So what about those previously mentioned field sport athletes who need to get stronger without putting on mass? Well there are two ways to do it in my experience:
The first is you can write long term programs into periodized blocks with an emphasis on an individual skill set for each block. For example if you have 8 months of training. You could do 8 periodized blocks where in two of those blocks you focus strictly on strength building. That leaves you with 6 blocks to dedicate to speed work, injury reduction, agility, power, and all the other qualities that are needed for that athlete. Two months out of an 8 month period will only serve to increase strength while reducing weight gain even if it is muscle gain. Overall mass whether it is muscle or fat will slow down the athlete as previously mentioned. Obviously muscle is the better of the two options. These two month long blocks will also serve as a metabolic boost which will increase the athlete’s testosterone levels and allow for lean tissue gains whereas if you had the athlete in a strength / hypertrophy program like I mentioned above for more than a few weeks you run the risk of slowing down the athlete and decreasing endurance capabilities.
The second way to do this is to get rid of the high volume days and instead focus your strength training on heavy weights as long as the athlete can handle it. Remember I recommend at least one year of training under their belt before attempting to go anywhere near a one rep max. The high volume days will serve as hypertrophy training which is what we don’t want. Remember we are looking for strength without size. So in scenario two we want to focus on speed training, deceleration, agility, injury reduction, power training, and strength all at once. On the strength days we want to be around 80% of a max and above for multiple sets of low reps. A good programs that I like is 6 sets of 2 @ 85% then on the last set do max reps. If you are able to get 5 reps you need to increase the weight.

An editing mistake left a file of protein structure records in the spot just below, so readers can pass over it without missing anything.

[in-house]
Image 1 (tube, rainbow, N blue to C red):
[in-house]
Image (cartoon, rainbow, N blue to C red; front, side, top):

A lot of times when an athlete goes to the gym by themselves or they just enlist the help of a personal trainer who uses bodybuilding style training methods. That athlete will often neglect speed training and conditioning. Once you develop a tolerance it is easy to just go to the gym and lift weights and do nothing else. However, when that happens you fall into the same trap of putting on mass and thus slowing you down. That is why you need to look for a certified strength and conditioning specialist who can help you create the ideal program for you. Just because a trainer is jacked and looks like a bodybuilder doesn’t mean that their training style is right for you. Think back to the example of a soccer player. Do soccer players need to look like football linebackers. Of course not!
At inception sports performance we create programs based on the individual’s evaluation as well as their sport and their positions within that sport. To find out more go to www.MyOffSeason.org